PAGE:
Fort Lee chaplains gathered with community spiritual leaders to spread the word on mental health issues affecting Soldiers.

The second Fort Lee and Tri-Cities Clergy Symposium March 17, focused on post-traumatic stress disorder and suicide prevention.

Dr. Robert Brown, Kenner Army Health Clinic Behavioral Health Services staff psychiatrist, started the community meeting off with an informative lecture about PTSD. He gave tips for identifying PTSD and how to work with Soldiers to help alleviate their symptoms.

Chaplain (Lt. Col.) Joseph Gibilisco, family life chaplain, and Chaplain (Maj.) Lonnie Locke, pastoral care and Warrior Transition Unit chaplain, spoke on combat and the warrior’s soul, with Locke focusing on the Battlemind training program.

“As pastors and chaplains, we bring an important piece to this puzzle of reintegration,” said Locke. “That’s what Battlemind is really about, reintegrating the Soldier from a combat experience to the real world.”

With the Army’s increased focus on suicide awareness, Chaplain (Maj.) Jack Dixon, 23rd Quartermaster Brigade chaplain, updated the clergy members on the Army Suicide Prevention Program. Dixon said in the last fiscal year, nearly 140 Soldiers in the Army committed suicide, which brings its per capita rate higher than the civilian population for the first time.

“One suicide in the Army is one too many,” said Dixon. “That’s the way we have to look at it. It never comes to us when it’s convenient or it’s timely. It’s always at exactly the wrong time when it presents itself. But we have to take action when it happens.”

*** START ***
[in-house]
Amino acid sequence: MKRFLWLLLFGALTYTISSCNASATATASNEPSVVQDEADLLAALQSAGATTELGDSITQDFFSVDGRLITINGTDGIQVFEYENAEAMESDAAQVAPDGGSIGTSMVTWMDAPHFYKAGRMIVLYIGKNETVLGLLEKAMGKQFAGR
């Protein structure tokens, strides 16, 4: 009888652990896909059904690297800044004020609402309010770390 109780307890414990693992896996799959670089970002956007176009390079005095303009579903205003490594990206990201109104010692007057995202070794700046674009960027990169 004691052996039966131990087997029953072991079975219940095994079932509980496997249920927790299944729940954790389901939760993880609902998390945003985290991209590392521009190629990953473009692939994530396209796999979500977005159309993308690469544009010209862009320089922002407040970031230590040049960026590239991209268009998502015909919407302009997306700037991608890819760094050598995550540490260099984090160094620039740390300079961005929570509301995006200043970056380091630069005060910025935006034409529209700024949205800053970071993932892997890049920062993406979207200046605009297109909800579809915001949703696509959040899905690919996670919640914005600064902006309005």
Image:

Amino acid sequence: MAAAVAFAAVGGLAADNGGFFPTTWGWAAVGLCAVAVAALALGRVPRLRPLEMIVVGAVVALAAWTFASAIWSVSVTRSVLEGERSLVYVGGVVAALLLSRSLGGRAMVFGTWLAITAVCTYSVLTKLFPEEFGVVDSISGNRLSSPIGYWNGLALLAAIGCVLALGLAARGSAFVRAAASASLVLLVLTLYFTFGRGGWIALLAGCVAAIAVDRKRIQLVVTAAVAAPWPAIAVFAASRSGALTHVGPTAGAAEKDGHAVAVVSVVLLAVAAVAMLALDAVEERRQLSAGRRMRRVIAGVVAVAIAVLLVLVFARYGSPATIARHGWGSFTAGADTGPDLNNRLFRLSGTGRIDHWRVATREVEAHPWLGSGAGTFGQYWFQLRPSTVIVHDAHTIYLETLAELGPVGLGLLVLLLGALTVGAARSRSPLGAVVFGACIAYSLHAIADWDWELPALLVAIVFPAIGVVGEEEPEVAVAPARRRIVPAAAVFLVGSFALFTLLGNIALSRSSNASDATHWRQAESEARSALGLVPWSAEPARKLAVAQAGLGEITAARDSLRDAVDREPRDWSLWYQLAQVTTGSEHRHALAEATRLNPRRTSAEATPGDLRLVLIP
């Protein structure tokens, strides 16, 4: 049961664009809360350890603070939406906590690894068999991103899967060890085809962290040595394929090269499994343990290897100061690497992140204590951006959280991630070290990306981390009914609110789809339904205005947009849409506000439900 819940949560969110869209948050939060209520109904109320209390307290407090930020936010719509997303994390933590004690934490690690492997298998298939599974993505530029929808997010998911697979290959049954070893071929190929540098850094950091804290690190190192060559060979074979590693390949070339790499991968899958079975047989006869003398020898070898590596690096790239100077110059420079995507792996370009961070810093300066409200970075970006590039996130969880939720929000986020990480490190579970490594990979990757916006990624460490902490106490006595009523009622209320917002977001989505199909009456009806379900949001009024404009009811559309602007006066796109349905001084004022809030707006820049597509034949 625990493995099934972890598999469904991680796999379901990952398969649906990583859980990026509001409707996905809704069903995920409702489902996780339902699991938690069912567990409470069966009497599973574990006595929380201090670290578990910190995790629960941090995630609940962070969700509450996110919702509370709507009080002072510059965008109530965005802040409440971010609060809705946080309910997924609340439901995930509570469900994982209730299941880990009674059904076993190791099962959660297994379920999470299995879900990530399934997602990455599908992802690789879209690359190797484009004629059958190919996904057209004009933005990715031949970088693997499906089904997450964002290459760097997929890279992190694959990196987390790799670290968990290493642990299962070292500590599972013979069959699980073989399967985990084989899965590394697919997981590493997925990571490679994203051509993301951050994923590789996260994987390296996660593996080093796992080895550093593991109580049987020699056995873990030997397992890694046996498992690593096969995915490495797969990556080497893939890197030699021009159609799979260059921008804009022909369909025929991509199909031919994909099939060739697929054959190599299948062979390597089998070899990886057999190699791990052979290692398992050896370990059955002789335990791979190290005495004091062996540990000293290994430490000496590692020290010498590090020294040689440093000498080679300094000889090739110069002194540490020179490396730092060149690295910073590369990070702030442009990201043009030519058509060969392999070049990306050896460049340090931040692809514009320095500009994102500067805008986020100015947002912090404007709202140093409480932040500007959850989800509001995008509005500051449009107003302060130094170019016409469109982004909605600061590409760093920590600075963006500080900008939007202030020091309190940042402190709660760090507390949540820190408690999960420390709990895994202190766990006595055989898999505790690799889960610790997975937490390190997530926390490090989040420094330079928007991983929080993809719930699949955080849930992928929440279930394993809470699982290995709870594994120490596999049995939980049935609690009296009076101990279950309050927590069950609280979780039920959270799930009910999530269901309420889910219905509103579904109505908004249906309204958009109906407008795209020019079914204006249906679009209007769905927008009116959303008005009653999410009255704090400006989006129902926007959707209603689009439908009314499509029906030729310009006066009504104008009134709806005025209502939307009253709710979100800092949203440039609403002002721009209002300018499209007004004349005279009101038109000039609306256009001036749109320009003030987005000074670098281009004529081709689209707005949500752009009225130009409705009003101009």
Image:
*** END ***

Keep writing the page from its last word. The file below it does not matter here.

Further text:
Dixon urged the visiting clergy members to be on the lookout for Soldiers who may be considering suicide.

“You’re in a leadership position just like I am,” Dixon said to the audience. “You, as our support network, are out there. You see our Soldiers in a context and in situations we don’t see them in. They can hide it from commanders, sergeants and platoon leaders. Chances are they won’t hide it quite as well when they are with you.”

When talking to someone who they think may be suicidal, Dixon said they need to ask three particular questions. He said they should clearly ask if the person is thinking about suicide, and to follow it up with asking if they have thought about the method.

“You want to know how far they’ve taken this (thought),” said Dixon. “How far down the road have they travelled? And it is a road. It’s a process that has not happened all of a sudden, unless drugs or alcohol is involved. This is something that has been going on, probably for months.”

If they answer that they have, Dixon said the last question should be if they have thought about an actual time they would do this. If they have, they should be escorted immediately to the nearest care facility.

“Anyone at any age can commit suicide,” said Dixon. “I can show you statistics all day long. It’s not about statistics. It’s about the person standing in front of you who is desperate: desperate to make the pain stop and desperate from feeling helpless and hopeless.”